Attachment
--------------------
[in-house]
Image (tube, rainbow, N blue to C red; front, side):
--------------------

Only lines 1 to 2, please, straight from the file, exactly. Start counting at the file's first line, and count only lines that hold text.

[in-house]
Image (tube, rainbow, N blue to C red; front, side):